The European Parliament has called on Italy to review the case of a left-wing intellectual and renowned journalist jailed for the murder of a police officer 30 years ago.
Amnesty International doubts Sofri got a fair trial
Its annual report on human rights says that prisoners who actively contribute to the social and cultural life of their country should be freed - and it cites the case of Adriano Sofri as an example.
A heated debate on whether he should be pardoned is already under way in Italy.
The writer is currently serving a 22-year prison sentence after being convicted six years ago of ordering the killing of a police commissioner in 1972.
Since his first arrest in 1988, he has always protested his innocence.
Politicians and intellectuals of all colours, including Prime Minister Silvio Berlusconi, have praised Sofri's outstanding work as a political and social commentator, and called on President Carlo Azeglio Ciampi to pardon him.
But Justice Minister Roberto Castelli, of the far-right Northern League, opposes the initiative.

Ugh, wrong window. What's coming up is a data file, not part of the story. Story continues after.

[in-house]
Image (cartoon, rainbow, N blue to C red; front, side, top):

Mr Castelli recently said that he would rather see Sofri freed as part of a wider amnesty involving former far-left as well as far-right extremists jailed during Italy's terrorist years, the 1970s and 80s.
Death of an anarchist
Police Commissioner Luigi Calabresi was shot dead at close range outside his home in 1972.
He had been investigated a few years earlier in connection with the death of an anarchist, who fell from a Milan police station window during questioning.
The day after Calabresi's killing, the newspaper of "Lotta Continua, a far-left movement headed by Sofri, carried the headline "Justice has been done".
Seventeen years later, after a total of seven trials, Sofri was convicted of the murder along with two other fellow militants, Ovidio Bompressi and Giorgio Pietrostefani.
Sofri, 61, is the only one serving his term: Bompressi has been granted house arrest on health grounds, while Pietrostefani fled to France.
Amnesty International has repeatedly objected to the "the excessive length" of the proceedings against Sofri, and raised "serious doubts" about their fairness.
It says the verdict relied on the "uncorroborated evidence" of a former militant of Sofri's group who turned state witness.
The European Court of Human Rights in Strasbourg dismissed an appeal by Sofri last June.